Archive for July, 2008

Kalamazoo 2009: Scandinavian Sessions

The Call for Papers has gone out for next year’s International Congress on Medieval Studies at dear old Kalamazoo, MI. Scandinavian interest among the sponsored/special sessions seems a bit slight, which is a shame after this year’s bumper crop of well-attended Norse presentations, but the following highlights jump out: Read more »

Saga Conference Abstracts Due

A quick and all too last-minute reminder that abstracts for papers at next year’s Saga Conference in Uppsala are due in on Friday. As Agneta Ney writes:

Dear colleagues and friends, we would like to remind you that abstracts of proposed papers must be submitted no later than 1st August 2008 to be considered. They should be either uploaded to the conference’s web server (see login information below) or e-mailed to Since the abstracts will be placed on our web site, we appreciate if they can be submitted in an editable text-format (e.g. .doc, .rtf, .txt etc; no pdf-files) without formatting other than bold, italics and underlined. Special fonts should be avoided, but if that is not possible, please use Reykjavík Times ( We have great pleasure in announcing that there are already more than 200 participants (180 with paper) and 35 guests registered at the Conference.

We wish you all a pleasant summer,

Agneta Ney for the organizing committee

You can upload your abstract and revise your registration here.

As the conference is still a whole year away, personally I’m finding it rather difficult to formulate a concrete paper proposal — does the Saga Conference need to be quite so well-organized? — but I’ll come up with something, since it’s undoubtedly going to be the highlight of next summer!

Gods and Worshippers in the Viking and Germanic World

Gods and WorshippersThor Ewing writes to let us know that his brand new book, Gods and Worshippers in the Viking and Germanic World, is out now. The following description comes from Thor’s website:

What was paganism really like? Who were the gods and how were they worshipped? These are the questions Thor Ewing addresses in this fresh perspective on the pagan beliefs and rituals of the Viking and the Germanic world, a world which encompasses not only Scandinavia and Germany, but also Anglo-Saxon England.

Gods and Worshippers explores ancient cult sites and religious gatherings, as well as burial customs and the rites of the dead, and it reveals the intimate links between religious and secular power. Using the surviving archaeological evidence as well as the recorded myths and poetry from the various regions, Ewing explores the realities of day-to-day worship, such as sacrifices and sacred space, as well as arguing that traditional magical-religious societies operated in parallel to mainstream society, according to their own distinctive morality and laws.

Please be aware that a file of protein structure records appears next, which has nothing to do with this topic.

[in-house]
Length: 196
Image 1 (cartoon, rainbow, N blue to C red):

The picture that emerges is that of a complex pattern of powers which are respected, honoured, propitiated or even cajoled. It is in this relationship between powers and people that the religion exists, and though it takes many forms it is fundamentally one of respect, honour and worship – a relationship between gods and worshippers.

It sounds like a timely new approach to the subject with many interesting and original angles, and I’m looking forward to seeing a copy.

Website Watch: Septentrionalia and Sagnanet

Septentrionalia is a not-for-profit re-publisher of out-of-print works on medieval northern Europe, with special emphasis on Old Norse. Their scans, which are generally of very high quality, are available to download for free, and they also make some of them available in tangible book-form, at surprisingly reasonable cost. As some of the most seminal works of Norse scholarship are now out-of-copyright (and have never been replaced), this means that it’s suddenly become much easier to track down, and even to own, Sveinbjörn Egilsson/Finnur Jónsson’s Lexicon Poeticum, or the three-volume Arnamagnæan edition of Snorra Edda, for example. It’s a really great initiative, a very accessible site, and a most impressive labour of love by its creators. Read more »

Welcome to Old Norse News!

About this site

Old Norse News is a new website that provides a hub for information relating to the academic study of medieval Scandinavia. Its aims are to provide a regularly updated overview of new developments in the field; to collate and link to useful resources elsewhere on the internet; to act as a notice board for news and announcements. Medievalists in Scandinavian Studies are a very disparate bunch, international and interdisciplinary, and often working in relative isolation. Over time, we hope also, therefore, to create a sort of virtual community for all scholars, students, and others who share an interest in the Old North. Read more »

Journal Round-Up: July 2008

From time to time, we’ll be surveying the latest periodicals in the field to help people keep their bibliographical information up-to-date. We will also be building up a list of journals that publish on Norse topics, to give authors an idea of where they might submit articles, and readers an idea of what might be worth their subscribing to / tracking down in libraries.

Today we have the latest issues of Maal og Minne, Speculum, JEGP and the 2008 edition of Gripla. Read more »